When making notes, print clearly where possible. If your writing is poor, use a word processor when reviewing your notes, leaving spaces for handwritten diagrams and mind maps.
Be critical of the material you are listening to or that you are reading. How does the material compare with what you have heard or read previously? Does the argument follow a logical pattern and is it clear of false argument? Do you understand all of the points and if not, where are the gaps? What questions are still unanswered for you? Why weren’t these answered in the lecture/reading?
Understand what you are looking for in the reading. Are you looking to gain a general understanding or are you searching for specific information or support for an argument?
A well structured reading, should begin by outlining the main premise, argument or ideas in the first few sentences, and certainly in the first paragraph. Pick out the main premise and write it down (see activity 1). Each paragraph after that should contain evidence that the author uses to support the main premise.
If you understand the premise, don’t read the examples given to support it. Never include examples in your notes. Only include the facts, avoid experiences and anecdotes where possible.
Rowntree (1976: 40-64) outlines what he calls the ‘SQ3R’ approach to reading and note taking from text. He suggests that students should use the following activities in order to get the most from a reading in the most efficient way.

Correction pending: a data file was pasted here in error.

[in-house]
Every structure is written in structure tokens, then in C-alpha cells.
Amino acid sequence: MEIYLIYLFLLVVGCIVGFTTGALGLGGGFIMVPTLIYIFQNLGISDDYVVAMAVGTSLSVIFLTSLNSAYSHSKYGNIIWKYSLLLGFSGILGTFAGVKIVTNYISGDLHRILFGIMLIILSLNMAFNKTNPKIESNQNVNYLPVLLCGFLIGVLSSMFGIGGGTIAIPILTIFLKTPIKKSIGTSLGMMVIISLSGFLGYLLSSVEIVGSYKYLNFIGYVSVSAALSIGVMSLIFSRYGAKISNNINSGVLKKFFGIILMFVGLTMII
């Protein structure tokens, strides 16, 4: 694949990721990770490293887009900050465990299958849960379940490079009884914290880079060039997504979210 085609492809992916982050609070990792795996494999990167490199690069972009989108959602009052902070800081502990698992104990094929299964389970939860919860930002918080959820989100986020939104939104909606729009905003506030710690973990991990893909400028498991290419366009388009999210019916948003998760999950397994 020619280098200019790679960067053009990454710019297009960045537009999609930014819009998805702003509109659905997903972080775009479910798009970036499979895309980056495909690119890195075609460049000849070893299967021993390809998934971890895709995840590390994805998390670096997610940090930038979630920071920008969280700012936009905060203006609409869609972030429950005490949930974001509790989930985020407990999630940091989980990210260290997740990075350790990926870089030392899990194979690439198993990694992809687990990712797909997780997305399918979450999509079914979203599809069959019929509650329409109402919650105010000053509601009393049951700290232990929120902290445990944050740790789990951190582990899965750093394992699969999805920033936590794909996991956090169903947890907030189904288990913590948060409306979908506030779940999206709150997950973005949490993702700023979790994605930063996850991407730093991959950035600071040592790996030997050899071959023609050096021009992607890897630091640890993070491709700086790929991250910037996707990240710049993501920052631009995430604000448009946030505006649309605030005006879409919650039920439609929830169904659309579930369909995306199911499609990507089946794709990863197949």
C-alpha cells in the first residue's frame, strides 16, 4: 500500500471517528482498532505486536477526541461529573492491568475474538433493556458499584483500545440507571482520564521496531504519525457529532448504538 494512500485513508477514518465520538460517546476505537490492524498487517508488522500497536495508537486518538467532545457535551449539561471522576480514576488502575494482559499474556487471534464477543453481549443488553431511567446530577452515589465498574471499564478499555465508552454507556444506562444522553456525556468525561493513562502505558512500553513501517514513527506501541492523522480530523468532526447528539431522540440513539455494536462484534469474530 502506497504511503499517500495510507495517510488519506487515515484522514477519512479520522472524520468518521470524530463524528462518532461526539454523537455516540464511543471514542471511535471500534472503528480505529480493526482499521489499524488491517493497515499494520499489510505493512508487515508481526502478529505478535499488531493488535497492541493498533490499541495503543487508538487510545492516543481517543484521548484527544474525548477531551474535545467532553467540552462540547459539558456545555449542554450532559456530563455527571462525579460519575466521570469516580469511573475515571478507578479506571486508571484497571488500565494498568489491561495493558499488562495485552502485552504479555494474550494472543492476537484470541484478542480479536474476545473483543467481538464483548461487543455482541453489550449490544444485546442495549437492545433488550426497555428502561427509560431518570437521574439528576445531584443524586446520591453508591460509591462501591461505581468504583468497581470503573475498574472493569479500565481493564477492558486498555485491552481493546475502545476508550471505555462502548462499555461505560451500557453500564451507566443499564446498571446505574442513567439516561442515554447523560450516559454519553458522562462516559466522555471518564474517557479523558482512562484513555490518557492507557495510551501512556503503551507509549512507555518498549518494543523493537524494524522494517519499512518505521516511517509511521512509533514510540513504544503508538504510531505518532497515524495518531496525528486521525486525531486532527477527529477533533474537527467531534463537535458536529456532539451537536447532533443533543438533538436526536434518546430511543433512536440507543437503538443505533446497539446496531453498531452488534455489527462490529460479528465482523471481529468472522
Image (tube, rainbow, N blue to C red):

It is important that you understand why you are attending the lecture. Prepare for a lecture and think about what you are hoping to achieve. Think about the lecture topic in relation to your other methods of study and information input and think about what you would like to learn or have explained more clearly.
Remember that you cannot revisit lecture material, so you might consider using a tape recorder or buddy system to supplement your own notes. Always revisit your notes as soon as possible after taking them and never rely solely on someone else’s notes.
The lecturer should summarise his or her main points at regular points during the lecture. Look out for help during the introduction where the lecturer may give a linear-type list of the topics to be covered. Also listen for breaks between topics where the lecturer might summarise the most important points they have just covered. At the end of the lecture, another summary should be provided that may help you review your notes and determine if you have missed any important information. If this is the case, be sure to approach the lecturer for clarification on any points that you did not fully understand or to help you complete your notes.